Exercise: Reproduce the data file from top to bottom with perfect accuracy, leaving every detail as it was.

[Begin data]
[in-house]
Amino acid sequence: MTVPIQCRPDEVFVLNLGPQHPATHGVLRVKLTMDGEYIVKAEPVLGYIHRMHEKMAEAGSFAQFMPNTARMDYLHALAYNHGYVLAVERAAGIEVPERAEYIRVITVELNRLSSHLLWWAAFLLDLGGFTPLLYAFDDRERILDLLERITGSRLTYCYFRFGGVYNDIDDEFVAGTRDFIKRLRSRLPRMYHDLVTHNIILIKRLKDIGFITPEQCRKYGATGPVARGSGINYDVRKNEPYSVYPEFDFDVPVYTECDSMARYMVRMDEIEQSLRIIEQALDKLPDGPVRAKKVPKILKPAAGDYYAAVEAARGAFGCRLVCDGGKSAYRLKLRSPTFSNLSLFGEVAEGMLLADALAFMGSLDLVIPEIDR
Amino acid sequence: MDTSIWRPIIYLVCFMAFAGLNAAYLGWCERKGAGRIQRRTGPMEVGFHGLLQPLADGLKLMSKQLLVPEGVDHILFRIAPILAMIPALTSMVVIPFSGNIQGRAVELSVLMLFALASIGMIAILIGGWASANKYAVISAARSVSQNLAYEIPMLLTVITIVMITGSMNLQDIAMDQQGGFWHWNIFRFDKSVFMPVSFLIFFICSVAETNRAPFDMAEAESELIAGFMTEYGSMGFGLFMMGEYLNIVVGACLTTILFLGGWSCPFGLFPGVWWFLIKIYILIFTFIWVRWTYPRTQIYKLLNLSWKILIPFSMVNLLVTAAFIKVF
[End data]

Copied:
[in-house]
Amino acid sequence: MTVPIQCRPDEVFVLNLGPQHPATHGVLRVKLTMDGEYIVKAEPVLGYIHRMHEKMAEAGSFAQFMPNTARMDYLHALAYNHGYVLAVERAAGIEVPERAEYIRVITVELNRLSSHLLWWAAFLLDLGGFTPLLYAFDDRERILDLLERITGSRLTYCYFRFGGVYNDIDDEFVAGTRDFIKRLRSRLPRMYHDLVTHNIILIKRLKDIGFITPEQCRKYGATGPVARGSGINYDVRKNEPYSVYPEFDFDVPVYTECDSMARYMVRMDEIEQSLRIIEQALDKLPDGPVRAKKVPKILKPAAGDYYAAVEAARGAFGCRLVCDGGKSAYRLKLRSPTFSNLSLFGEVAEGMLLADALAFMGSLDLVIPEIDR
Amino acid sequence: MDTSIWRPIIYLVCFMAFAGLNAAYLGWCERKGAGRIQRRTGPMEVGFHGLLQPLADGLKLMSKQLLVPEGVDHILFRIAPILAMIPALTSMVVIPFSGNIQGRAVELSVLMLFALASIGMIAILIGGWASANKYAVISAARSVSQNLAYEIPMLLTVITIVMITGSMNLQDIAMDQQGGFWHWNIFRFDKSVFMPVSFLIFFICSVAETNRAPFDMAEAESELIAGFMTEYGSMGFGLFMMGEYLNIVVGACLTTILFLGGWSCPFGLFPGVWWFLIKIYILIFTFIWVRWTYPRTQIYKLLNLSWKILIPFSMVNLLVTAAFIKVF